Your Teeth: New and Improved

Your Teeth: New and Improved

Your Health

Whenever I go to the dentist and he tells me to open wide, I ask him the same question: "Do you see it?"

"See what?" he counters.

"The Porsche."

A few seconds pass before he remembers my line from the last time and slowly nods, smiling in a way that hints at a combination of compassion and smugness (my loss is his gain, after all).

Teeth. They're expensive. Mine sure are. If I took all the money spent on various procedures over the years—orthodontia, fillings, wisdom teeth extractions, root canals, crowns, repairs and now, dental implants—I could have owned my dream car.

But it's not to be.

And if someone had told me 20 years ago that we could "grow" artificial teeth, I would have told them they were dreaming. But here am I, the lucky(?) recipient of yet another dental implant—my third, to be exact. People get old, teeth get old, and my old, weakened tooth cracked and needed to be extracted.

Enter a new and improved version (and my plea to be kind to your teeth).

They're pretty amazing, these implants. The procedure replaces damaged or missing teeth with artificial ones that can look and function almost like the real things. The implant, made of titanium, is surgically placed in your jawbone, eventually fusing to function like a real tooth, where it serves as the root of a missing tooth. It's a welcome alternative to bridgework or dentures, which can shift, make noise and require everyday maintenance.

Dental implants are time-consuming, because they are done in stages and involve several procedures. The success or timing (or both) is dependent, too, on the general condition and health of your bone, since it has to be vital enough to heal tightly around the implant (if it's not, you may need a bone grafting procedure first). Implants are expensive and painful at first, but in the end, if all goes well, you end up with something resembling and acting as close to a real tooth as you can get. You can read more detail about the procedure here.

Sound exhausting? Granted, there are a lot of steps and care involved. But then I think back to some pretty vivid childhood memories of sleeping at my grandparents' house and waking each morning to the sight of false teeth floating in plastic bowls of bluish antiseptic-smelling liquid. I always worried I'd accidentally knock those bowls over, sending the choppers crashing to the floor as I brushed my own (then-healthy) teeth. Though those false teeth never did get knocked over, who would think that years later, my own would get knocked out … and then replaced with titanium wonders?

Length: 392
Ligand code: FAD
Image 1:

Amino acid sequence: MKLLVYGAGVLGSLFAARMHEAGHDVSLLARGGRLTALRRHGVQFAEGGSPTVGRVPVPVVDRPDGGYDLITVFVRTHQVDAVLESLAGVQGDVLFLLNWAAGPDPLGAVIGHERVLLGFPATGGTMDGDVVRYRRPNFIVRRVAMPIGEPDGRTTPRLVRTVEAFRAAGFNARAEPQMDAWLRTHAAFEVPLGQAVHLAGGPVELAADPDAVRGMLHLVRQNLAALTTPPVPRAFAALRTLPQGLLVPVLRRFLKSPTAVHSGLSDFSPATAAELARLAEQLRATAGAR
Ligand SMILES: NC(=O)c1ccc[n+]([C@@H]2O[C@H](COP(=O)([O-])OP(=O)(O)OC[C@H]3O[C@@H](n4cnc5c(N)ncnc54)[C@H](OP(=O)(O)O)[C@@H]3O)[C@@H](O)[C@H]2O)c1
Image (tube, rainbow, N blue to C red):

By the way, the day I came home from my dental surgery, there was a nice surprise waiting for me (no, not flowers from my dentist). The folks at Garden Lites sent me a boxful of delicious frozen vegetable soufflés to sample. I loved the serendipitous timing of it all, since I could barely chew and had to be on a soft diet for an indefinite time. I was thrilled that despite not being able to enjoy my nightly salads, I could at least get my share of veggies. I popped the small, individually sized butternut squash soufflé into the microwave and happily indulged, able to scarf down some valuable nutrients despite the fact my mouth was pretty much off-limits.

The soufflés come in nine gluten-free, vegetarian and Kosher varieties, among them pizza, broccoli and roasted vegetable. They're 200 calories or less for the entire soufflé and are perfect for a light meal or hearty snack.

Or as a way to end the day in a nicer way than you started it.

You might also want to read:
An overview of oral health
Perimenopause and your teeth

ADVERTISEMENT

When to Ask About Cancer and Metastatic Bone Disease

Watch this video to learn when to ask your health care provider about metastatic bone disease

Created With Support

Why the FDA Is Warning Pregnant Women Not to Use Over-the-Counter Pain Relievers

Here's what you need to know about the new warning against nonsteroidal anti-inflammatory drugs after 20 weeks of pregnancy

Pregnancy & Postpartum

‘All You Want Is to Be Believed’: The Impacts of Unconscious Bias in Health Care

Latino and Black patients are less likely to receive pain medications or get referred for advanced care than white patients with the same complaints

Your Health